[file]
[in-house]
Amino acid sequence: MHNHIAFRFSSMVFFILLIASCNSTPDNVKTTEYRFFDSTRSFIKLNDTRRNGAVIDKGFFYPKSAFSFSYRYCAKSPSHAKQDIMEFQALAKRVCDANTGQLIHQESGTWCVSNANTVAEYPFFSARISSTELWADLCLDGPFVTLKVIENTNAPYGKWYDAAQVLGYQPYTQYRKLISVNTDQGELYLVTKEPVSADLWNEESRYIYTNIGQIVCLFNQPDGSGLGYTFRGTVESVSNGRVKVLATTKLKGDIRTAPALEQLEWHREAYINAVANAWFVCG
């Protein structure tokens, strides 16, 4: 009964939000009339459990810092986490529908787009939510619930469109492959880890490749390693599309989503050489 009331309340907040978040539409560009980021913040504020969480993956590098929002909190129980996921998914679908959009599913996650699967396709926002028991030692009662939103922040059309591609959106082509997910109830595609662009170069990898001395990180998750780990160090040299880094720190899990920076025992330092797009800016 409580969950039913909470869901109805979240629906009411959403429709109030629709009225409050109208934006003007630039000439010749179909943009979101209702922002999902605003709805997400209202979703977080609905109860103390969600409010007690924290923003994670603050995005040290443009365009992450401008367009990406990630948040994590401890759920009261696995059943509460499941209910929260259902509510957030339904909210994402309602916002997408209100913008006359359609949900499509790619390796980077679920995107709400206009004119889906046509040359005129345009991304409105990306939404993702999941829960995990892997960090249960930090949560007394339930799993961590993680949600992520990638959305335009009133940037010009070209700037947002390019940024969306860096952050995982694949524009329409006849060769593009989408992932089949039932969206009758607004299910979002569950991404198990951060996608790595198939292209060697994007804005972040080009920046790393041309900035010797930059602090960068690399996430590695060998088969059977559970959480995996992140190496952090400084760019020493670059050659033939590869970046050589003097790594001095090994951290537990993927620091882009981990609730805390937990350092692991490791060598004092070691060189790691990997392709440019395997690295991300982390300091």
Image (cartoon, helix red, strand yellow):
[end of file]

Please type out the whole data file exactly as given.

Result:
[in-house]
Amino acid sequence: MHNHIAFRFSSMVFFILLIASCNSTPDNVKTTEYRFFDSTRSFIKLNDTRRNGAVIDKGFFYPKSAFSFSYRYCAKSPSHAKQDIMEFQALAKRVCDANTGQLIHQESGTWCVSNANTVAEYPFFSARISSTELWADLCLDGPFVTLKVIENTNAPYGKWYDAAQVLGYQPYTQYRKLISVNTDQGELYLVTKEPVSADLWNEESRYIYTNIGQIVCLFNQPDGSGLGYTFRGTVESVSNGRVKVLATTKLKGDIRTAPALEQLEWHREAYINAVANAWFVCG
């Protein structure tokens, strides 16, 4: 009964939000009339459990810092986490529908787009939510619930469109492959880890490749390693599309989503050489 009331309340907040978040539409560009980021913040504020969480993956590098929002909190129980996921998914679908959009599913996650699967396709926002028991030692009662939103922040059309591609959106082509997910109830595609662009170069990898001395990180998750780990160090040299880094720190899990920076025992330092797009800016 409580969950039913909470869901109805979240629906009411959403429709109030629709009225409050109208934006003007630039000439010749179909943009979101209702922002999902605003709805997400209202979703977080609905109860103390969600409010007690924290923003994670603050995005040290443009365009992450401008367009990406990630948040994590401890759920009261696995059943509460499941209910929260259902509510957030339904909210994402309602916002997408209100913008006359359609949900499509790619390796980077679920995107709400206009004119889906046509040359005129345009991304409105990306939404993702999941829960995990892997960090249960930090949560007394339930799993961590993680949600992520990638959305335009009133940037010009070209700037947002390019940024969306860096952050995982694949524009329409006849060769593009989408992932089949039932969206009758607004299910979002569950991404198990951060996608790595198939292209060697994007804005972040080009920046790393041309900035010797930059602090960068690399996430590695060998088969059977559970959480995996992140190496952090400084760019020493670059050659033939590869970046050589003097790594001095090994951290537990993927620091882009981990609730805390937990350092692991490791060598004092070691060189790691990997392709440019395997690295991300982390300091």
Image (cartoon, helix red, strand yellow):